Call to double rail spending in Wales after astonishing growth in travel by train
Western Mail: Aug 14 2007
by Martin Shipton
THE body charged with improving public transport in the busiest part of Wales has called for a doubling of its budget after figures showed a huge increase in rail travel.
Between 1996 and 2005, passenger rail journeys in Wales surged by 37% to an astonishing 29.8m – the equivalent of 10 trips a year for every man, woman and child.
Now Sewta – South East Wales Transport Alliance – wants the Welsh Assembly Government to more than double its budget from £40m to £85m a year.
Sewta, a consortium of 10 councils between Bridgend and Monmouthshire, is responsible for devising strategic transport plans for the region it covers and securing funding for improvements from the Assembly Government. Around 70% of Welsh rail journeys take place in Sewta’s area.
Sewta secretary Bob Brierley said, “The big increase in rail travel reflects the fact people are travelling further to work, and that they see rail travel as a realistic option.
“It also reflects the booming economy of Cardiff, with people using the local rail network that is a fortunate legacy of the coal industry.
“At present we get about £36m a year in core funding from the Assembly Government.
“Other income, including some from the European Objective One aid programme, pushes the total up to around £40m.
“We believe that for us to be able to make a real difference, our annual budget should be increased to around £85m.”
Sewta chairman Tom Williams, a Caerphilly Labour councillor, said, “We have regular meetings with Assembly Government officials, where they want us to do this, that and the other.
“We say to them, ‘give us the money, and we’ll do it.’
“It’s true that a lot of money has been ploughed into public transport, but much more is needed if we are to meet the increasing demands of the public.
“Establishing better public transport links is absolutely essential for the economic future of the Valleys.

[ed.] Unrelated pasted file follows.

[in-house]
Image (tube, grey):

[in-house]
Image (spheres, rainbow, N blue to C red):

“And with car parking charges going through the roof in Cardiff, there are likely to be more and more people opting to use the trains in the future.
“At the moment we are doing what we can to increase the frequency of trains running down the Valleys lines into Cardiff, but if the demand is there I would like to see services running every 15 minutes.
“We also want to improve the bus services so they link in better with trains. What we’d like to have is a system where people can jump on a bus to the station just in time to catch a train.
“We also want to improve park- and-ride schemes.”
The long-promised railway line linking Ebbw Vale with Cardiff is now due to open in December, although trains from Ebbw Vale to Newport are not likely to be running until 2014.
In the meantime, every southbound train will be met at the Rogerstone station by a “rail line” bus to take passengers to Newport.
Sewta also plans to increase the frequency of trains between Cardiff and Abergavenny by installing a loop at the latter station which will enable trains to turn round there.
An Assembly Government spokesman said, “The growth in passenger numbers for public transport in Wales has been higher than in the rest of Great Britain.
“This is a real success story for Wales and has been made possible by a record level of investment and commitment from the Assembly Government.
“We are now waiting for each of the regional transport consortia – Sewta, Swwitch, Tracc and Taith – to submit their respective regional transport plans for next year, so that the Minister for Economy and Transport (Deputy First Minister Ieuan Wyn Jones) can decide his priorities for all modes of public transport across the whole of Wales.”
This year, the total spent on all public transport by the Assembly Government is around £250m.